All of Us Villains by Amanda Foody and Christine Lynn Herman (4 stars) – This YA fantasy was a surprise hit for me! I haven’t seen many reviews, let alone many positive ones, but I’m here to tell you that this book is dark and underrated fun. The town of Ilvernath hosts a secret, deadly competition every twenty years between its powerful magical families, with the prize being control of a rare type of magic that’s disappeared from everywhere else. This year, however, the secret’s out–an anonymous author has released a tell-all depicting the entire blood-soaked history of the town’s tournament, which involves a teenage representative of each magical family battling each other with spellwork until there’s only one champion left standing. So now journalists and paparazzi have flooded Ilvernath, lending even more pressure and weight to this year’s contest and its unique champions. It’s told in four different perspectives, with great audio narration, and it’s a suspenseful ride full of magic, alliances, betrayal, and a potential enemies-to-lovers romance.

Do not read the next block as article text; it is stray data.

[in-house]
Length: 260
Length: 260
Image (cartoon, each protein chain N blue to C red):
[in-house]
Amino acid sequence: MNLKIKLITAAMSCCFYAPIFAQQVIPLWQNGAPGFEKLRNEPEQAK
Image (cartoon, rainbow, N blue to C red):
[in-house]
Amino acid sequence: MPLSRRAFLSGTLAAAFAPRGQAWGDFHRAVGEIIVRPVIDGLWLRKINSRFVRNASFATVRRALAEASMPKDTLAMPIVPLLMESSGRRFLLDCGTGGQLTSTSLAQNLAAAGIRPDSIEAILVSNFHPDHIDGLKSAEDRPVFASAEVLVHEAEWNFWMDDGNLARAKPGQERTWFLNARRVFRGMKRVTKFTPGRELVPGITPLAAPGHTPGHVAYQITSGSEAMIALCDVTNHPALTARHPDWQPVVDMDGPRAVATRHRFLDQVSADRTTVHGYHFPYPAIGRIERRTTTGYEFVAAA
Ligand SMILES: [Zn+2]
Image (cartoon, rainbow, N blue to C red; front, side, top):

Our Favorite Songs by Anita Kelly (4 stars) – I continued to love Anita Kelly’s sweet, big-hearted, romantic writing with this second installment of their Moonlighters novella series, which is centered around a queer karaoke bar. This one is sort of an enemies-to-lovers story; the protagonists knew each other in high school but each had misinterpreted the other’s behavior, and when they meet again as adults they reconnect in a new way. I’m continually impressed with how fully Anita Kelly develops characters in such a short format, and makes their romances feel complete yet concise.

The Verifiers by Jane Pek (3.5 stars) – I’m very hit-or-miss with mysteries, rarely finding ones I vibe with, and although it did drag at times, I overall enjoyed modern-day techno-mystery The Verifiers. It’s set around the world of online dating, but my favorite aspect was its likable heroine, an avid mystery reader who jumps into investigating the death of a client at her company, and the dynamics surrounding her family.

Stuck With You by Ali Hazelwood (3.5 stars) – I felt similarly about this second book in Hazelwood’s Steminist novella trilogy compared to the previous installment, with the caveat that I think I enjoyed it slightly more? I’m beginning to notice repetitiveness in Hazelwood’s writing style and characterizations; I absolutely loved The Love Hypothesis, but I feel like the protagonists of its two follow-up novellas are essentially the same as in that novel. It was still a fun audiobook, but I’m lowering my expectations for the trilogy’s third installment and, unfortunately, her new novel that comes out this summer.